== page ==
To check instances of the immediate superclass, you would use instancesRespondToSelector:, as jjburka recommend, but I would suggest [self superclass] as the subject of that, like so:

[[self superclass] instancesRespondToSelector:@selector(gestureRecognizer:shouldRecognizeSimultaneouslyWithGestureRecognizer:)];

which avoids hardcoding class names.

  • 4
    Apple recommends against [[self superclass] instancesRespondToSelector as mentioned here developer.apple.com/library/ios/#documentation/Cocoa/Reference/…:
    – chadbag
    Commented Aug 31, 2012 at 18:40
  • It's there under -respondsToSelector where it says "You cannot simply use [[self superclass] instancesRespondToSelector:@selector(aMethod)] since this may cause the method to fail if it is invoked by a subclass."
    – chadbag
    Commented Aug 31, 2012 at 18:49
  • I must be missing something, because I can't see how a subclass's superclass can not have an implementation of a method if that class's superclass has it.
    – jscs
    Commented Aug 31, 2012 at 19:08
  • 6
    If you subclass it again. The subclass calls its superclass which is still a subclass of the original. If I have MyScrollView which is a subclass of UIScrollView, and then I have MyOtherScrollView which is a subclass of MyScrollView, when you are in MyOtherScrollView, [[self superclass] instancesRespondToSelector:@selector(aSelector)] is not the same as [UIScrollView instancesRespondToSelector:@selector(aSelector)]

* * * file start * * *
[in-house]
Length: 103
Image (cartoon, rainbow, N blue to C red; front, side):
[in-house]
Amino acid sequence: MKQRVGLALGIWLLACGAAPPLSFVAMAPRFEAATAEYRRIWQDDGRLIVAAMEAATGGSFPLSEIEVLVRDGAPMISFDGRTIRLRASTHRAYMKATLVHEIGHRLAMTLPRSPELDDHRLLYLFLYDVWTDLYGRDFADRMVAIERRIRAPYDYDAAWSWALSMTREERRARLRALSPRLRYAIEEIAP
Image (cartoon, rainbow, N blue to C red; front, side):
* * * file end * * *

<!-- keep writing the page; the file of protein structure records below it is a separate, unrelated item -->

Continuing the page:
– chadbag
    Commented Aug 31, 2012 at 20:31
  • 1
    @JoshCaswell: What he's saying is, if self's class is MyOtherScrollView, and you are in an instance method of MyScrollView, and you run [[self superclass] instancesRespondToSelector:@selector(aSelector)], it will test whether MyScrollView responds to aSelector, and not whether UIScrollView responds to aSelector. So, in that same method of MyScrollView, even if the above expression returns true, [super aSelector] may still fail, because UIScrollView might not respond to that selector.
    – newacct
    Commented Jul 25, 2013 at 23:16

After looking at the other answers, the best solution is to use [[MapControllerSublcass1 superclass] instancesRespondToSelector:_cmd]. If you use what is recommended above, something like [BaseClass instancesRespondToSelector:_cmd], you run into the problem of changing your class hierarchy and accidentally forgetting to change BaseClass to the new superclass or your subclass.

[[self superclass] instancesRespondToSelector:...] is incorrect as explained above in the comments and it actually says so on Apple's documentation (See respondsToSelector: in NSObjct). It only works when you have 1 level of subclassing, so it gives you the illusion that it is an actual solution. I fell for it.

And [[super class] instancesRespondToSelector:...] doesn't work and is the whole point of this SO question.

For example, I have a BaseMapController that implements some of the methods in MKMapViewDelegate, but it doesn't implement mapView:regionWillChangeAnimated:. MapControllerSublcass1 inherits from BaseMapController. And MapControllerSubclass2 inherits from MapControllerSublcass1.